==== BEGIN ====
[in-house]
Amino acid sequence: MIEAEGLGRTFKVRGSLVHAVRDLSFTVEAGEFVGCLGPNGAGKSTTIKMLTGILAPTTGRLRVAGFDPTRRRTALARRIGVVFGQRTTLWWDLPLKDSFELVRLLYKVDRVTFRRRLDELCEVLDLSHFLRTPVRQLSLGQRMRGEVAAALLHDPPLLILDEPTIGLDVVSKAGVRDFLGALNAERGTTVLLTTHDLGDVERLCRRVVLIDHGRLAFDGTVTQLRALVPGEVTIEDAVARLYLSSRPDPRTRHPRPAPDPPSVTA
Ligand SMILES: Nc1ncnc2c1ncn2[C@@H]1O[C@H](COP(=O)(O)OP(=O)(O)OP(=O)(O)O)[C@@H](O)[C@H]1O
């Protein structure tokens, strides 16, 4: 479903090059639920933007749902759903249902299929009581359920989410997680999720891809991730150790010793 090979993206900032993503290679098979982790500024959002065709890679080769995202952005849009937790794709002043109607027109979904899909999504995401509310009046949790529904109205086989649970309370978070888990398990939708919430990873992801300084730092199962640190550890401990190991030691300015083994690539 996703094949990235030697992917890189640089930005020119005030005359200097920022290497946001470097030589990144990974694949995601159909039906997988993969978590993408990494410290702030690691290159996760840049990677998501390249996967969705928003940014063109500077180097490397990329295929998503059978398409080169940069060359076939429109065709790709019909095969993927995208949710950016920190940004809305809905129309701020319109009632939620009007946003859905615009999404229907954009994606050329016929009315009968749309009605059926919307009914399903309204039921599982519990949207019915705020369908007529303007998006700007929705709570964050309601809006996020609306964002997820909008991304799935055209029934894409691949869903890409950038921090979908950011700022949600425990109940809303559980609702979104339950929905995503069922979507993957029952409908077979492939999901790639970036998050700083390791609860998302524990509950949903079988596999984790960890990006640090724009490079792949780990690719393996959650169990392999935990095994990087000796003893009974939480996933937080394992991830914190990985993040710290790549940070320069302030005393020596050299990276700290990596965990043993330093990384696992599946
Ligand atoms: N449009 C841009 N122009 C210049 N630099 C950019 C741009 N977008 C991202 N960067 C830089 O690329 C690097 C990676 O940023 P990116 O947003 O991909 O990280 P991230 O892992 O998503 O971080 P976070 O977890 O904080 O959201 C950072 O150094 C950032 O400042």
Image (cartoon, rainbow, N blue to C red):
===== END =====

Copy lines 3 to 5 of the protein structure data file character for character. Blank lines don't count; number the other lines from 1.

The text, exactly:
Ligand SMILES: Nc1ncnc2c1ncn2[C@@H]1O[C@H](COP(=O)(O)OP(=O)(O)OP(=O)(O)O)[C@@H](O)[C@H]1O
């Protein structure tokens, strides 16, 4: 479903090059639920933007749902759903249902299929009581359920989410997680999720891809991730150790010793 090979993206900032993503290679098979982790500024959002065709890679080769995202952005849009937790794709002043109607027109979904899909999504995401509310009046949790529904109205086989649970309370978070888990398990939708919430990873992801300084730092199962640190550890401990190991030691300015083994690539 996703094949990235030697992917890189640089930005020119005030005359200097920022290497946001470097030589990144990974694949995601159909039906997988993969978590993408990494410290702030690691290159996760840049990677998501390249996967969705928003940014063109500077180097490397990329295929998503059978398409080169940069060359076939429109065709790709019909095969993927995208949710950016920190940004809305809905129309701020319109009632939620009007946003859905615009999404229907954009994606050329016929009315009968749309009605059926919307009914399903309204039921599982519990949207019915705020369908007529303007998006700007929705709570964050309601809006996020609306964002997820909008991304799935055209029934894409691949869903890409950038921090979908950011700022949600425990109940809303559980609702979104339950929905995503069922979507993957029952409908077979492939999901790639970036998050700083390791609860998302524990509950949903079988596999984790960890990006640090724009490079792949780990690719393996959650169990392999935990095994990087000796003893009974939480996933937080394992991830914190990985993040710290790549940070320069302030005393020596050299990276700290990596965990043993330093990384696992599946
Ligand atoms: N449009 C841009 N122009 C210049 N630099 C950019 C741009 N977008 C991202 N960067 C830089 O690329 C690097 C990676 O940023 P990116 O947003 O991909 O990280 P991230 O892992 O998503 O971080 P976070 O977890 O904080 O959201 C950072 O150094 C950032 O400042």